complementary parts of a policy of threats which was adopted in 1943, and has exercised the most sinister and far reaching influence ever since.

It was in 1943 that the Allies began their policy of denouncing Germany for ‘crimes against humanity’, including what we now call the ‘Holocaust’ – although as I have explained elsewhere, and will detail further in a forthcoming book, the chairman of Britain’s Joint Intelligence Committee, Victor Cavendish-Bentinck and his deputy had already become the first successful ‘Holocaust revisionists’ – disbelieving the ‘gas chamber’ fables and ensuring that they were not at first endorsed by British spokesmen.

However, regarding the broader policy of “threats” against Germany, Lord Hankey continued:

It embittered the war, rendered inevitable a fight to the finish, banged the door to any possibility of either side offering terms or opening up negotiations, … and made inevitable the Normandy landing and the subsequent terribly exhausting and destructive advance through North France, Belgium, Luxemburg, Holland, and Germany. The lengthening of the war enabled Stalin to occupy the whole of eastern Europe, to ring down the iron curtain… By disposing of all the more competent administrators in Germany and Japan this policy rendered treaty-making impossible after the war and retarded recovery and reconstruction, not only in Germany and Japan, but everywhere else. … Unfortunately also, these policies, so contrary to the spirit of the Sermon on the Mount, did nothing to strengthen the moral position of the Allies.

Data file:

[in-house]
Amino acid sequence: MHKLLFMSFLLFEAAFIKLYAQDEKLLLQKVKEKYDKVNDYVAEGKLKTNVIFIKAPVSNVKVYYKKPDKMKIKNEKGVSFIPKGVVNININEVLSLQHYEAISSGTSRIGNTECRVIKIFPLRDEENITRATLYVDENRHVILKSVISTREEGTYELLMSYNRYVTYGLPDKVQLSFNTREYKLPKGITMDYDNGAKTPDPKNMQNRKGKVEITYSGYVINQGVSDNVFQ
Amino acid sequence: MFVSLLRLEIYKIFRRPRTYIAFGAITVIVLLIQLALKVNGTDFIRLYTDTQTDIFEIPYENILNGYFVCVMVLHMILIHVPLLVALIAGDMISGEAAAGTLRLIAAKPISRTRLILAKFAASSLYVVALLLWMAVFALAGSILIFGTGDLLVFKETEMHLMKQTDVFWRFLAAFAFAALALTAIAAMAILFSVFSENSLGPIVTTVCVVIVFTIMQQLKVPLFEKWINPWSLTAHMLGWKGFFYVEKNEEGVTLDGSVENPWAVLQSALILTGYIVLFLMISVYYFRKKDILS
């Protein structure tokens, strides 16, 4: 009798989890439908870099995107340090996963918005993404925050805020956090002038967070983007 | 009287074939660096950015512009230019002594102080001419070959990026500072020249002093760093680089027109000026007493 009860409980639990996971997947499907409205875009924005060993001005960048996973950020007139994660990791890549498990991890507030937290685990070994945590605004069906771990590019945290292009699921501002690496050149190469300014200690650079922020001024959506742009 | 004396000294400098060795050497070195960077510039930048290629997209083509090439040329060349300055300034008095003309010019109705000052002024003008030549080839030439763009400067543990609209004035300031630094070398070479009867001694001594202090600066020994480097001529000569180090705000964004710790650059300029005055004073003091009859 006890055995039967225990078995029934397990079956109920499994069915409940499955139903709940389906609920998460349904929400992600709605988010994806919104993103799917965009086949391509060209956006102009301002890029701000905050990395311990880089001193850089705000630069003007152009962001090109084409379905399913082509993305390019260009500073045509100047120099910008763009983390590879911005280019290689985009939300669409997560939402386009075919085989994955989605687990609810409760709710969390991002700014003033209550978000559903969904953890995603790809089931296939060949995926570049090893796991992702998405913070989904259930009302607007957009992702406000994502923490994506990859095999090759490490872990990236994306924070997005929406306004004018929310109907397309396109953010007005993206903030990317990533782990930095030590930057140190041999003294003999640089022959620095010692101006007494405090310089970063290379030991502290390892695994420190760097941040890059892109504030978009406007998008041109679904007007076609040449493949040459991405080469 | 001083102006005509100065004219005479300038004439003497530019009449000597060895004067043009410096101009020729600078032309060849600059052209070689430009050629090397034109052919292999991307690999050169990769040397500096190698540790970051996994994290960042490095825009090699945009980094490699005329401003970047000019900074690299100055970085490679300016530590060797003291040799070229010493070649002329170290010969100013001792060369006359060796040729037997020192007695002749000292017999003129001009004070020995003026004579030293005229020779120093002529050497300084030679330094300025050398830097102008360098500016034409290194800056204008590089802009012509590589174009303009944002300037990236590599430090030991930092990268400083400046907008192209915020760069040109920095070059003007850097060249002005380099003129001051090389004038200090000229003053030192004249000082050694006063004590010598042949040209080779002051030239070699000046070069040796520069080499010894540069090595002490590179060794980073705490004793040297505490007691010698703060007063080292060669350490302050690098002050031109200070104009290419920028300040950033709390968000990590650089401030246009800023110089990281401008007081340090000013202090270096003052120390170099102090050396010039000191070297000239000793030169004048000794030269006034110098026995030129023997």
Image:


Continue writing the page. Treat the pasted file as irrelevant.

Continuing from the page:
One need not share Hankey’s Christian faith to perceive the cogency of his argument.

Irrational Germanophobia helped create the post-1945 world – a disaster for Europe, as the great French poet Louis-Ferdinand Céline observed:

The core of it all was Stalingrad. There you can say it was finished and well finished, the White civilization.

So it appeared to Céline, who died in 1961. Perhaps in 2023 – after almost 80 years of the harshest winter for Europeans – we can see the first signs of spring: the end of the post-1945 settlement, the end of Germanophobia, and the renaissance of the True Europe.

If so, a truthful account of Europe’s 20th century history will have to be at the core of that renaissance.

* * *